AbstractEye gaze is a ubiquitous cue in child-caregiver interactions and infants are highly attentive to eye gaze from very early on. However, the question of why infants show gaze-sensitive behavior, and what role this sensitivity to gaze plays in their language development, is not yet well-understood. To gain a better understanding of the role of eye gaze in infants’ language learning, we conducted a broad systematic review of the developmental literature for all studies that investigate the role of eye gaze in infants’ language development. Across 77 peer-reviewed articles containing data from typically-developing human infants (0-24 months) in the domain of language development we identified two broad themes. The first tracked the effect of eye gaze on four developmental domains: (1) vocabulary development, (2) word-object mapping, (3) object processing, and (4) speech processing. Overall, there is considerable evidence that infants learn more about objects and are more likely to form word-object mappings in the presence of eye gaze cues, both of which are necessary for learning words. In addition, there is good evidence for longitudinal relationships between infants’ gaze following abilities and later receptive and expressive vocabulary. However, many domains (e.g. speech processing) are understudied; further work is needed to decide whether gaze effects are specific to tasks such as word-object mapping, or whether they reflect a general learning enhancement mechanism. The second theme explored the reasons why eye gaze might be facilitative for learning, addressing the question of whether eye gaze is treated by infants as a specialized socio-cognitive cue. We concluded that the balance of evidence supports the idea that eye gaze facilitates infants’ learning by enhancing their arousal, memory and attentional capacities to a greater extent than other low-level attentional cues. However, as yet, there are too few studies that directly compare the effect of eye gaze cues and non-social, attentional cues for strong conclusions to be drawn. We also suggest there might be a developmental effect, with eye gaze, over the course of the first two years of life, developing into a truly ostensive cue that enhances language learning across the board.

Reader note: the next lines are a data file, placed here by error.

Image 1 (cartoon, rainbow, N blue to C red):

Additional informationdata sheet
Chen, A., Çetinçelik, M., Roncaglia-Denissen, M. P., & Sadakata, M. (2021). Native language, L2 experience, and pitch processing in music. Linguistic Approaches to Bilingualism. Advance online publication. doi:10.1075/lab.20030.che.
AbstractThe current study investigated how the role of pitch in one’s native language and L2 experience influenced musical melodic processing by testing Turkish and Mandarin Chinese advanced and beginning learners of English as an L2. Pitch has a lower functional load and shows a simpler pattern in Turkish than in Chinese as the former only contrasts between presence and the absence of pitch elevation, while the latter makes use of four different pitch contours lexically. Using the Musical Ear Test as the tool, we found that the Chinese listeners outperformed the Turkish listeners, and the advanced L2 learners outperformed the beginning learners. The Turkish listeners were further tested on their discrimination of bisyllabic Chinese lexical tones, and again an L2 advantage was observed. No significant difference was found for working memory between the beginning and advanced L2 learners. These results suggest that richness of tonal inventory of the native language is essential for triggering a music processing advantage, and on top of the tone language advantage, the L2 experience yields a further enhancement. Yet, unlike the tone language advantage that seems to relate to pitch expertise, learning an L2 seems to improve sound discrimination in general, and such improvement exhibits in non-native lexical tone discrimination.
Coopmans, C. W., De Hoop, H., Kaushik, K., Hagoort, P., & Martin, A. E. (2021). Structure-(in)dependent interpretation of phrases in humans and LSTMs. In Proceedings of the Society for Computation in Linguistics (SCiL 2021) (pp. 459-463).